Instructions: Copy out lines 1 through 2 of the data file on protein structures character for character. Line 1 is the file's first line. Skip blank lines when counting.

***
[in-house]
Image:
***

[in-house]
Image: